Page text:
SYNCB/PPC: What It Is and Why It’s on Your Credit Report

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You’ve learned how to read your credit report and you’re checking your credit report once a year or more, like the Consumer Financial Protection Bureau recommends. This time you catch something you haven’t seen before: SYNCB/PPC.

What exactly is SYNCB/PPC, why is it on your credit report, and what should you do about it? Here’s what you need to know.


If you see “SYNCB/PPC” on your credit report, this stands for Synchrony Bank/PayPal Credit. This is how your PayPal Credit account appears on your credit report since Synchrony Bank bought PayPal’s consumer credit receivables in the middle of 2018. This means that Synchrony Bank provides credit and financial services for PayPal Credit accounts. If you’ve never applied for an SYNCB/PPC credit card, then that’s cause for worry.

Another reason this account could end up on your credit report is if you had a Bill Me Later account. Prior to its rebranding in 2014, PayPal Credit was known as Bill Me Later. Those are the accounts that Synchrony Bank purchased. If that situation doesn’t apply to you, then you should check your credit report for any other suspicious activity.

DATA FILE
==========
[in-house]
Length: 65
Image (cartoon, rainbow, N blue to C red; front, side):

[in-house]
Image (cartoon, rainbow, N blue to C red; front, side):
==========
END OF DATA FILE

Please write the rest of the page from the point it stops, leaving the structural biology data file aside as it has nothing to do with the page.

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How Does SYNCB/PPC Affect My Credit?

Just having SYNCB/PPC information on your credit report doesn’t affect it one way or another. Many factors go into figuring out your credit score, and different reporting agencies use different formulas. Remember, you have more than one credit score and different companies pull from different reporting agencies.

If the account is very new, defaulted or maxed out, that will bring down your score. On the other hand, if your SYNCB/PPC account is older and not utilized much, it might boost your score to leave the account open.

When Should You Get SYNCB/PPC Taken Off Your Credit Reports?

If you are sure you never opened a PayPal Credit account or a Bill Me Later account, then you should definitely dispute the information. Start by filing a police report and then let the major credit reporting agencies know. This will start the process of removing the account and making it harder for whoever opened it under your name to do anything else.

If you did open the account recently and don’t think you’ll use it or if you opened it accidentally, then you might be better off closing it. This will increase your average age of credit, but it won’t remove the hard inquiry. Hard inquiries stay on your Equifax credit report for two years.

You can only remove hard inquiries from your credit report if they are fraudulent. Otherwise, you have to wait for them to fall off naturally, even if the account is closed.


Get to know your rights in regard to credit reporting by using the consumer resources on the Consumer Financial Protection Bureau’s website. Some companies hire others for their credit services, but if you ever see something you’re not sure about on your credit report, always investigate. Freezing your credit is easy to do, free, and can protect your credit if you are still worried.